In response to the global health crisis, Mayor Muriel Bower has signed the D.C. COVID-19 Response Emergency Amendment Act of 2020 (the “Act”).  Unless extended, the Act will remain in effect until June 15, 2020, and, among other things, creates a new category of leave available under the D.C. Family and Medical Leave Act (“DCFMLA”) – declaration-of-emergency (“DOE”) leave – and temporarily eases certain eligibility requirements for unemployment insurance compensation (“UI”).

DCFLMA Leave

The Act amends the DCFMLA to allow employees to take unpaid, job-protected DOE leave.  An employee may take DOE leave if the employee is unable to work as a result of the circumstances giving rise to a public health emergency as declared by the Mayor.  The need for such leave can be demonstrated by a recommendation from the Mayor, Department of Health, any other District or federal agency, or a medical professional that the employee self-quarantine or self-isolate or by the declaration of public health emergency. The Mayor has ordered that, effective March 25, 2020, all non-essential businesses cease on-site operations, which would appear to meet the requirements described above.

The Act further amends the DCFMLA so that employers in DC of all sizes must provide DOE leave (the DCFMLA generally applies only to employers with 20 or more employees).  The Act also waives the DCFMLA’s requirement that an employee must work 1,000 hours and 12-months before being eligible for leave for any “employee who has been ordered or recommended to quarantine or isolate, by the Department of Health, any other District or federal agency, or a medical professional.”

Unemployment Insurance Compensation

During its 90-day effective period, the Act modifies UI eligibility requirements for “affected employees” who have become unemployed or partially unemployed as a result of the pandemic in the following ways:

  • Affected employees will not have to actively seek work to qualify for UI.
  • Affected employees will be entitled to UI even if their employer has “provided a date certain” for their return to work or if they have “a reasonable expectation of continued employment” with their employer.
  • Affected employees will be deemed to have “good cause” for voluntarily leaving their employment if their employer:
    • “Fail[s] to timely comply with a written directive from the Mayor or Department of Health in relation to public safety measures necessary to protect its employees or the public during the public health emergency;” or
    • Requires “that an employee be physically present in the workplace despite the employee . . . . [h]aving . . . [b]een quarantined or isolated by the Department of Health or any other applicable District or federal agency; or . . . [s]elf-quarantined or self-isolated in a manner consistent with the recommendations or guidance of the Department of Health, any other applicable District or federal agency, or a medical professional.”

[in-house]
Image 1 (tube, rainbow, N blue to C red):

The Act defines “affected employee” as an employee who has “been determined by the Mayor to have become unemployed or partially unemployed as a result of the circumstances giving rise to the public health emergency.”  It includes an employee who has “been quarantined or isolated by the Department of Health or any other applicable District or federal agency;” “self-quarantined or self-isolated in a manner consistent with the recommendations or guidance of the Department of Health, any other applicable District or federal agency, or a medical professional;” or whose employer has “ceased or reduced operations due to an order or guidance from the Mayor or the Department of Health or a reduction in business revenue resulting from the circumstances giving rise to the public health emergency.”

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Proskauer’s cross-disciplinary, cross-jurisdictional Coronavirus Response Team is focused on supporting and addressing client concerns. Visit our Coronavirus Resource Center for guidance on risk management measures, practical steps businesses can take and resources to help manage ongoing operations.

Photo of Guy Brenner Guy Brenner

Guy Brenner is a partner in the Labor & Employment Law Department and leads the Firm’s Washington, D.C. Labor & Employment practice. He is head of the Government Contractor Compliance Group and is co-head of the Non-Compete & Trade Secrets Group. He has…

Guy Brenner is a partner in the Labor & Employment Law Department and leads the Firm’s Washington, D.C. Labor & Employment practice. He is head of the Government Contractor Compliance Group and is co-head of the Non-Compete & Trade Secrets Group. He has extensive experience representing employers in both single-plaintiff and class action matters, as well as in arbitration proceedings. He also regularly assists federal government contractors with the many special employment-related compliance challenges they face.

Guy represents employers in all aspects of employment and labor litigation and counseling, with an emphasis on non-compete and trade secrets issues, medical and disability leave matters, employee/independent contractor classification issues, and the investigation and litigation of whistleblower claims. He assists employers in negotiating and drafting executive agreements and employee mobility agreements, including non-competition, non-solicit and non-disclosure agreements, and also conducts and supervises internal investigations. He also regularly advises clients on pay equity matters, including privileged pay equity analyses.

Guy advises federal government contractors and subcontractors all aspects of Office of Federal Contract Compliance Programs (OFCCP) regulations and requirements, including preparing affirmative action plans, responding to desk audits, and managing on-site audits.